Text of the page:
Baker teaches older student newer lessons


Story by Mykaela Cross, Assistant Editor

The Baldwin City campus is made up of mostly traditional students stepping into the world of adulthood, but the few non-traditional students on campus have to fit into younger shoes.

Emily Elliott, a 33-year-old transfer sophomore and music education major, enjoys sharing campus with younger students, though there are moments when the age difference can be discouraging.

“I’m 10 years older or more than most of the students, so I’m frustrated sometimes. There are some students here that are more mature than others and this experience has made me appreciate those students,” Elliott said. “I understand that this is their time to experience college, but as a mother I feel I always want to mother-hen things and I have to remind myself that this is not my circus, and these are not my monkeys. The biggest struggle is when the class materials are directed toward a younger audience.”

Though being older comes with certain advantages, Elliott finds that balancing an adult life alongside her studies has proven quite the challenge.

Elliott decided to attend Baker to further the education she received at the University of Kansas. Like many students who take breaks from school, there were several factors that derailed her education experience.

“I started college in 2000 with the intention of finishing a four year degree to become a music education, vocal performance major with my master’s degree,” Elliott said. “Basically I wanted to be Cathy Crispino, the choir director here,” Elliott said.

But after troubles with finances and the death of a friend, Elliott took a break from education.

Coming to Baker after 13 years was a hard decision for Elliott. Making her way by teaching private voice and piano lessons and working with her church, Elliott knew she wanted more out of life and decided that as soon as her youngest child was in school, she would be too.

Now a single mother of two, she is forced to juggle her home life and school. As a person who commutes to and from campus, getting her kids to and from their classes and fulfilling campus requirements is challenging.

“I still have to go through a lot of the Quest pre-recs, which are tricky for transfer students, especially older transfer students, because there’s been a lot of repeated material,” Elliott said. “Also, by the time that all of the music events are over, it’s after 6 o’clock by the time I get home. Now, there are some troubles arising with my youngest who is now a child who needs special attention, which has complicated things more since I’m torn between spending time with him and focusing on studies.”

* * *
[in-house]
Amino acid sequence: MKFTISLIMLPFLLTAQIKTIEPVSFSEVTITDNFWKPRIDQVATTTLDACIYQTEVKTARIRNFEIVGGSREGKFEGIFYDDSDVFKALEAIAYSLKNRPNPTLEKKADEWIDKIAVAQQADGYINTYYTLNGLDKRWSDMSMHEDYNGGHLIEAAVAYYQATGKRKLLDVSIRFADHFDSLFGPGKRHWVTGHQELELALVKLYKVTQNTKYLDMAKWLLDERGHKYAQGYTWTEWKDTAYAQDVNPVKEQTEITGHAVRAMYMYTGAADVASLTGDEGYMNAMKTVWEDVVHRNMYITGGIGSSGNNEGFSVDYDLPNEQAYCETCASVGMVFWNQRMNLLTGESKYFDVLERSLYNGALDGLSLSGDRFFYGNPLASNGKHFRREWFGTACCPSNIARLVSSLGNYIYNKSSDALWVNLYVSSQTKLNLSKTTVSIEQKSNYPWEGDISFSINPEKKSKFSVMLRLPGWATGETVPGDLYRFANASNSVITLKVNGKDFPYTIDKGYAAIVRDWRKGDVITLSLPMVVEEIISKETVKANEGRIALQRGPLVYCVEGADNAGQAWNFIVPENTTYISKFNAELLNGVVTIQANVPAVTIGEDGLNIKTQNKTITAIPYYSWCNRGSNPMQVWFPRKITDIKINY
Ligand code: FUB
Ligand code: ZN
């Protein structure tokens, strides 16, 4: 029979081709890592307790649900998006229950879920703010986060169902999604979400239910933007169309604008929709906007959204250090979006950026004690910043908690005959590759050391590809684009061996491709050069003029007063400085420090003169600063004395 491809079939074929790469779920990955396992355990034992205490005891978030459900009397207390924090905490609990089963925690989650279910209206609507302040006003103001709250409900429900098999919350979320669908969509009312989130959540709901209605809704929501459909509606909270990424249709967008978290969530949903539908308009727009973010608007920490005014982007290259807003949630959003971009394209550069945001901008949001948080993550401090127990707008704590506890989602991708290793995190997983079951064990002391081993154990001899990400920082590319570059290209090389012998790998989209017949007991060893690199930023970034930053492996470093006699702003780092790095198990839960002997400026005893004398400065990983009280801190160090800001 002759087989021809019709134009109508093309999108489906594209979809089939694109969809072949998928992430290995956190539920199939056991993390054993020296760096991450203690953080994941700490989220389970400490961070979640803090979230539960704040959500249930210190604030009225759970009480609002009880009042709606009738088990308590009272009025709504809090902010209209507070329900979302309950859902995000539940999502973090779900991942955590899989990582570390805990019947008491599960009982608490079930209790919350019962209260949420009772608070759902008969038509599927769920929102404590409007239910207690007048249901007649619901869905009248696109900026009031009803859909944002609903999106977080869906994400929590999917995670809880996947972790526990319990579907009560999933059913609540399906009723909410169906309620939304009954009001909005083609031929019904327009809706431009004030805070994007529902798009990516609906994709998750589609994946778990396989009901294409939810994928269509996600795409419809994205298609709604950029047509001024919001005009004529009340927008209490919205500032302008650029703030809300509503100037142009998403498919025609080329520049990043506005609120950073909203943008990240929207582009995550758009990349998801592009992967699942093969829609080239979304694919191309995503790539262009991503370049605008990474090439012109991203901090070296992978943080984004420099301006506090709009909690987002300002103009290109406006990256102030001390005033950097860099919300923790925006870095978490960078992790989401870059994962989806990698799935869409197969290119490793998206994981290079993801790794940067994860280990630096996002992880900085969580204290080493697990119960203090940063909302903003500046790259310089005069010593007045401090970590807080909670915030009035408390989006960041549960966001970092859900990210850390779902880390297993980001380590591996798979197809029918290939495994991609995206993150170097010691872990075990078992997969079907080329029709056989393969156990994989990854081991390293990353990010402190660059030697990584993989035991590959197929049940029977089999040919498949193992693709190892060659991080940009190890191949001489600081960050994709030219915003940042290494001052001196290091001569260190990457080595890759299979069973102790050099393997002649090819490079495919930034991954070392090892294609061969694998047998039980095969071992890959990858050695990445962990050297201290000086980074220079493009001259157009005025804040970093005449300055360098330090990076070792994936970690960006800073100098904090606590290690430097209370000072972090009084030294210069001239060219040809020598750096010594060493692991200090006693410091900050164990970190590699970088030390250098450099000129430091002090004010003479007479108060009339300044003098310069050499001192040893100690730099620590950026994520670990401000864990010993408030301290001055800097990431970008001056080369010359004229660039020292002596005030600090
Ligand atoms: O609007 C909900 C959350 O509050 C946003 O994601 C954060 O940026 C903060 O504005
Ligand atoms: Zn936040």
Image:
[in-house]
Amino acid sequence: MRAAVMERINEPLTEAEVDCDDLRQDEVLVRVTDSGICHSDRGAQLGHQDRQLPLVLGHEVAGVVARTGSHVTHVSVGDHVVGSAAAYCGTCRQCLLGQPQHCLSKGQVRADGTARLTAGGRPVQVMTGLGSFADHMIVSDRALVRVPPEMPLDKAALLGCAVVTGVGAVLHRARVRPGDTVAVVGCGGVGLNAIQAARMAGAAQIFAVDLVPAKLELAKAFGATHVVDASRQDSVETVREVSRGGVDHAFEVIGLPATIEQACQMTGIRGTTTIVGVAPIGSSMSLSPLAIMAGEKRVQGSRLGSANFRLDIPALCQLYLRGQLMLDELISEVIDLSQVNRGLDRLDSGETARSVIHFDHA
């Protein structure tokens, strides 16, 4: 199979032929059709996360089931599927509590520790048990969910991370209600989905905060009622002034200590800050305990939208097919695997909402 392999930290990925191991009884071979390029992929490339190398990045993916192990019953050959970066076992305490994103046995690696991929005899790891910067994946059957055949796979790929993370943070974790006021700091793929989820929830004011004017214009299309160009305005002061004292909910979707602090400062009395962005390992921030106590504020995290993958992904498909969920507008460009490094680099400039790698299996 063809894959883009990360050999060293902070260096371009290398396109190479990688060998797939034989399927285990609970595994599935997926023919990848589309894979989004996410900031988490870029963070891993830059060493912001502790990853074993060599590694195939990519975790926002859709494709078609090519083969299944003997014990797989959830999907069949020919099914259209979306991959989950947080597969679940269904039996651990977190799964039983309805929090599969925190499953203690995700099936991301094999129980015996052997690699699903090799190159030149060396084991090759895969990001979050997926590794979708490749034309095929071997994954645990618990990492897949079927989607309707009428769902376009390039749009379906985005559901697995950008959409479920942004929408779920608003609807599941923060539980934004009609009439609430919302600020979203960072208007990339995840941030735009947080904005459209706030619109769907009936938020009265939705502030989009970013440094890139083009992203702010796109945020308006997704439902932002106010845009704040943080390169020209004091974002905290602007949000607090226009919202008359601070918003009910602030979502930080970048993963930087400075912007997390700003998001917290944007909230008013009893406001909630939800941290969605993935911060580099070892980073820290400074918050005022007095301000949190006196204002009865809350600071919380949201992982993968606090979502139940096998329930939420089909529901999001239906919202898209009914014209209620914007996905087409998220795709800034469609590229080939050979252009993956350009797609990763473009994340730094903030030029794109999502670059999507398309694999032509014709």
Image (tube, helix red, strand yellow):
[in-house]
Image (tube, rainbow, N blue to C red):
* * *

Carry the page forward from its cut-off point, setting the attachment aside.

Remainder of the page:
Staff Accompanist and Osborne Chapel Musician Nanette Kraus has known Elliott since before she was a student when she participated in the University Singers Community Choir with Elliott’s father. Kraus has worked with Elliott as her private vocal lesson and choral accompanist and even played for her music scholarship audition.

According to Kraus, Elliott is ambitious in getting back to her degree and is passionate about her vocal abilities as well as the desire to learn.

“She’s very teachable, even though she’s done some professional things outside of Baker like teaching privately or church music jobs, and I appreciate that she is open to learning new ways to do what she’s already been doing and improve her current skills,” Kraus said.

Kraus believes that Elliott’s age is an advantage in that she is more learned in managing her time and setting priorities.

“I think I see in her, and some of the other non-traditional or older students, a greater ability to see how their learning here can be applied in the outside world in their careers,” Kraus said.

Though she believes that Elliott has fit in well, she understands the difficulties that Elliott faces every day in adjusting to Baker requirements.

“I think we’re inviting to transfer students in some ways, though I think there are things we could be doing better, we don’t have a lot of older non-traditional students and this being a residential campus primarily, it’s really set up for the young, single person coming out of high school,” Kraus said. “I also think that some of our residential campus scheduling probably doesn’t work well for students who have a family and a job they have to maintain.”

Senior Aubrey Eicher is in Concert Choir with Elliott and the two have had several music courses together. Even though Elliott is older, Eicher still finds Elliott to be a friend and fellow student, just like any traditional student on campus.

“We’ve become friends,” Eicher said. “She’s always interesting to talk to and knows so much already because she’s got a few more years under the belt than I do. I know I can go and ask her questions and have an honest conversation.”

Eicher thinks the amount of experience Elliott has as an older student is invaluable compared to other students.

“From the classes I’ve had with her, I feel like her age is an advantage because she knows her voice so well and can use it confidently,” Eicher said. “She knows more than I do and is open to questions.”

Even though there are not many older non-traditional students on campus, Eicher thinks that Baker’s welcoming community is one of the things that makes Baker non-traditional friendly.

Going forward, Elliott hopes to finish her education at Baker and let her voice take her as far as she can go.